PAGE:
Bonahoom takes me out to the back parking lot, where his brother Greg is working on the vehicles. The Myers car's fuel "tank" is hooked up to a generator, which is attached to the car's battery. Pete pulls the hose out of the tank, and says the car can run for a couple hours per charge, but that he wants it back after 30 minutes because he needs it for deliveries. The car can reach 75 miles per hour, but its internal computer is set to not exceed 45, because Bonahoom doesn't want anyone flipping it.
I pull out of the Galactic back lot and onto Garfield Avenue. After gingerly making my way up the one-way, I ease out onto Lake Street and, with SUVs and other monster trucks whizzing past and bearing down, I feel like a go-cart at Elko Speedway. I cruise down Lyndale, picking up speed and confidence as I go. At every intersection I find myself silently idling at, I have conversations with strangers. People of all ages on the street wave and point and smile; the ones who don't wear expressions that suggest they want to drive it, own it, know what it is.
Look, I test-drove a Hummer a couple years ago, and it wasn't nearly as much fun as this. Driving the H2, I pretty much felt like a dick, and the one thing I remember is that it had a great radio (the electric car has a decent CD player), and what the salesman told me as we drove around a man-made lake in Arden Hills: "When you come up to an intersection, they all stop for you. They want you to go first. They want to watch you. And there's a fear factor, too." It did not charm me, nor did it inspire thumbs-ups, or a couple of electric youth on bikes to yell, as they did just past Lakewood Cemetery, "Oh, that's sick!" Nor did it come with this quote from Romans, which Myers Motors has on its promotional materials: "And be not conformed to this world: but be ye transformed by the renewing of your mind, that ye may prove what is that good, and acceptable, and perfect, will of God."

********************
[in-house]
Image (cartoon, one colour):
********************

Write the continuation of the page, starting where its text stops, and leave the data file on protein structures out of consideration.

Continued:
One of the main points of Who Killed The Electric Car? is that General Motors never marketed the electric car the way every car in America has been: as a sex symbol. Save for a brief love affair with a 1970 T-Bird with suicide doors and an eight-track tape player, I have never owned a sex machine, but trust me: Hotties of all stripes like electric cars. Sure, some of the more conventional can't-be-bothereds look at you like you're a little boy in a Rickshaw and like your manhood-car thing isn't even in the running, but plenty of others – say, the blissed-out runner at Lake Calhoun's North Beach – look at you with a wry smile that says she knows that the "All Electric!!" sign on the side of the car goes for what's inside the hood and in the cockpit.
After 30 minutes of electricity, I reluctantly return the car to Galactic, on Lyndale and 28th. I get back into my emissions-belching beast and drive home. No one looks at me. I am Clark Kent, no longer saving the world or making a better future for the children. But, as with the last three minutes of Who Killed The Electric Car?, I come away hopeful. Hopeful that someday soon, the bums who run oil–slicked civilization will be out of power, and common-sense stuff like the electric car will no longer be the vehicle of choice for solely superheroes and dreamers.
"Most people don't even know the electric car is an option," says Bonahoom. "My whole goal is to influence other businesses to do what I'm doing. That way, not only am I doing stuff, but I'm spreading it."